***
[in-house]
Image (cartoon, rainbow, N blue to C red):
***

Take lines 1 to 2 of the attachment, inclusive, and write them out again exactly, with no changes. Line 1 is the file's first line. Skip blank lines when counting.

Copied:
[in-house]
Image (cartoon, rainbow, N blue to C red):